When demand goes through the roof, you have to be able to count on imports to solve the organic sourcing issue, but how can you secure sourcing in France or abroad?

The latest figures from Agence Bio announced that “Two thirds of organic products consumed in France are French.” “Organic + local is the winning duo,” concluded one of the latest events in the organic sector (BIO N’Days).

Products made in France are appealing, reassuring and have the potential to exponentially increase the quantity of French agricultural land used for organic farming.

Although on paper these figures look encouraging, they are not so simple to implement on the ground. For several years now, the organic sector has been confronted with major change-of-scale challenges, linked of course to the growth of the organic market, but also to the massive trend on reshoring.

In addition, in many branches importing organic raw materials cannot be avoided, and not just for exotic products.

So, how can we make sure that quality (of products and trade) and the fundamental principles of the organic sector remain the priority when structuring supply chains, nationally or internationally?

This question will be the basis for several talks at the Organic Ingredients Forum at Natexpo 2021.


Take homeshoring further

The current crisis relating to ethylene oxide (ETO) contaminating many imported raw materials (conventional and organic) in Europe will undoubtedly further fuel the need to relocate organic channels in France.

However, let’s not forget that French agriculture is struggling to reduce its use of pesticides and that sections of French organic crops are regularly destroyed due to accidental contamination[1].

In addition, faced with this change of scale in the organic market, there are many questions relating to the increase in volumes demanded, the adaptation of practices and facilities, care for people and animals, etc. To accompany this transition, Synabio proposes the co-construction of a charter for the organic commodity chains, accompanied with a best practice guide to structure them. Their participation on 26 October will be the opportunity for discussion to consolidate this project.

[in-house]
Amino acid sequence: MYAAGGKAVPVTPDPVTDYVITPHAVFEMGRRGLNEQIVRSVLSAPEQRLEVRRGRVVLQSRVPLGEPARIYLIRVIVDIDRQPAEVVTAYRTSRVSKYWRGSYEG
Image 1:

We are also seeing that the development of new commodity chains in France is not always accompanied by studies on their nutritional value. The continuing strong trend for “superfoods” often seeks “exotic” ingredients, while the full potential of some of our resources is not known. This is demonstrated by the Nutrifizz team which advocates organic supply chain homeshoring or upcycling projects by suggesting more attention be paid to analysing their added nutritional value.



Rely on secure import channels

As France does not necessarily provide every guarantee in terms of contamination, remains a “more expensive” market and in any case will still be lacking in organic volume, dependence on imports is inevitable. Unfortunately, consumer perception is increasingly negative and still tarnished by the current ETO crisis.

However, there are many examples of qualitative, even virtuous, import channels. “That’s what we want to show at this Organic Ingredients Forum,” explains  Gaëlle Frémont, director of Ingrébio. Digitalisation tools are leading to greater traceability of supply chains but will not replace human relations. The importance of this is measured particularly in fair trade programmes (which are widely developing in France). As we will see with the support of IFOAM Organics Europe, European regulations will also evolve to include stricter requirements for third party countries, which will have consequences for small producers.

Many in-the-field experts have been invited to present their work to structure and consolidate these branches in third countries and in Europe. Thanks to contributions from Biopartenaire, AVSF and testimonies from engaged companies, we will travel to the Southern hemisphere and discover the programmes that can accompany this structuring. Alexandra Farnos, an expert in the organic fruit and vegetable branches for over 20 years, will take us to Spain to show us how producers there are working to go beyond organic regulations in environmental issues.


Once again, the Organic Ingredients Forum, in the middle of the Ingredients and Raw Materials sector, will aim to cover current topics and issues concerning the formulation and processing of organic products, in particular those of supply. See you on 24, 25 and 26 October at Natexpo!


[1] Pesticides: contaminations generate huge losses for organic farmers, INGREBIO, 25/06/2021